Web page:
2 The condition, current treatments and procedure
2.1 The most common types of primary liver cancer are hepatocellular carcinoma (also known as hepatoma) and cholangiocarcinoma. However, cancer in the liver has often metastasised from other sites such as the lung, colon, stomach and eye (particularly ocular melanoma, also known as uveal melanoma).
2.2 Treatment for primary or metastatic cancer in the liver depends on the location and stage of the cancer and how much liver function is preserved. Treatment options include surgical resection, thermal ablation, systemic chemotherapy, transarterial chemoembolisation, isolated hepatic perfusion and selective internal radiation therapy. In patients with primary liver cancer, surgical removal with curative intent and liver transplantation may be possible. For most patients with liver metastases, treatment with curative intent is not possible.
2.3 Melphalan chemosaturation with percutaneous hepatic artery perfusion and hepatic vein isolation is done under general anaesthesia. A high dose of melphalan chemotherapy is delivered directly into the hepatic artery. Blood leaving the liver is diverted out of the body and filtered to reduce the level of melphalan before being returned to the circulation. The aim is to allow high doses of melphalan chemotherapy to be used, which would otherwise not be tolerated because of severe systemic side effects.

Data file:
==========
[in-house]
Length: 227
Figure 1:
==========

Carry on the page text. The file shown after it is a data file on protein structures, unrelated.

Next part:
2.4 An infusion catheter is inserted into the femoral artery and guided into the hepatic artery. The femoral vein is cannulated and a multi‑lumen, double-balloon catheter is inserted into the inferior vena cava and across the hepatic veins. The balloons are inflated so that all blood leaving the liver through the hepatic veins enters the catheter rather than the systemic circulation. High doses of melphalan are infused directly into the liver through the hepatic artery infusion catheter over about 30 minutes. Blood leaving the liver passes through an extracorporeal filtration system to remove most of the melphalan and is returned to the circulation through a catheter in the internal jugular vein. Full anticoagulation with heparin is needed throughout the procedure.
2.5 The procedure causes significant changes in the patient's haemodynamic status, which must be managed by the anaesthetic team with support from a clinical perfusion scientist.